Oral cancer screenings by your local prosthodontist or dentist are used to detect a developed cancer or precancerous lesions which could lead to oral cancer. Oral cancer can occur on the lips, inside of the mouth, on the tongue, salivary glands, back of throat, tonsils, esophagus, or in the soft tissues of the mouth.
Oral screenings are often an easy addition to your biannual checkups and especially important because approximately 84% of oral cancer cases can be detected early and, thus, have a much greater chance to be treated and cured. Early detection is the best way to lower your risk, as this is when any cancerous cells are the easiest to remove.
Some symptoms to watch out for:
While maintaining a routine of regular oral screenings is recommended, and can be added alongside your normal cleaning schedule, it is especially important to request a screening if you are experiencing any of the symptoms commonly associated with oral cancer. These include:
- Numbness in any areas of mouth or tongue
- Difficulty chewing or swallowing
- Difficulty in moving tongue or jaw
- A lump, sore, or any other abnormality in mouth or throat area which doesn’t seem to go away
- A white or red spot in mouth, especially if it’s on the inside of the cheek
- Redness or swelling of the mouth
- Thickening tissue, rough spots, or crusty/eroded areas in mouth
- Pain in only one ear, which doesn’t have corresponding hearing loss
What you can expect from your screening:
During an oral cancer screening, your dentist will assess the inside of your mouth, looking for any red or white patches or sores. They will also feel for any lumps or abnormalities in the tissues of your mouth, and may also examine your throat and neck for any such lumps or abnormalities.
Additionally, your dentist may request a special test in addition to the oral exam as part of the screening. This could include using a
- Screening dye
This is a special blue dye which abnormal cells are more likely to absorb once you have rinsed your mouth with it, making those cells appear blue or,
- Screening light
This makes abnormal tissue appear lighter in color than the surrounding healthy tissue, which will remain dark.
If your dentist finds any signs or oral cancer or precancerous lesions they may recommend:
- A follow up visit
This would most likely be in a few weeks to see if the abnormality is still present and, if so, if it has changed or grown over this time or,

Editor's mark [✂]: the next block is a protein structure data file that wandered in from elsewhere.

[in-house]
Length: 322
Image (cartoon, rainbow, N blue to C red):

- A follow up visit
- A biopsy procedure
This would be used to remove some of the cells so that they can be tested in a laboratory to determine whether or not they are cancerous.
Treatment for oral cancer:
The treatment for oral cancer, like most cancers, can be surgery, chemotherapy, or radiation. However, according to the Oral Cancer Foundation, the death rate from oral cancer remains at around 57% 5 years after diagnosis.
This high mortality rate is primarily due to the fact that most cases aren’t diagnosed early enough to allow the time for proper treatment. Many who survive, if the cancer isn’t caught earl enough, will also suffer long-term problems, such as difficulties in eating and speaking or even facial disfigurement.
This is why it is so important to maintain a regular schedule of screenings and know the most commonly associated symptoms, as well as the factors that put you most at risk for developing oral cancer.
Common risk factors:
Though oral cancer is a complex issue, some behaviors can put you at a higher risk of contracting oral cancer, such as:
- Tobacco use of any kind, including smokeless alternatives like vapes, chewing tobacco, or snuff
- Excess alcohol use, especially when it is combined with tobacco use
- Frequent or significant sun exposure, which puts you at a greater risk of lip cancer or cancer of the surrounding skin
- A poorly balanced diet
- Age can also be a factor, as most victims of oral cancer are aged 40 or older
- Contraction of the sexually transmitted infection Human Papillomavirus (HPV)
You can mitigate your risk of contraction by:
- Eliminating tobacco use
- Refraining from combining tobacco use and alcohol consumption at the same time
- Limiting sun exposure and using SPF sunscreens and lip balms
- Including more fruits and vegetables in your diet to maintain a healthy immune system
- Brushing at least twice a day with a soft bristled toothbrush and fluoride toothpaste
- Flossing at least twice a day
- Using an antimicrobial mouthwash
- Maintaining regular checkups and screenings with your dentist
So make sure you talk to your dentist about an oral screening and prevention methods next time you are visiting for your next cleaning. It is so important to address any signs as early as possible, for the most effective treatment.